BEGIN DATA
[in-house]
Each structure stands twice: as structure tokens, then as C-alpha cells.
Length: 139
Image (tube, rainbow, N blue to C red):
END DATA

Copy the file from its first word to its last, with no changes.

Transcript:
[in-house]
Each structure stands twice: as structure tokens, then as C-alpha cells.
Length: 139
Image (tube, rainbow, N blue to C red):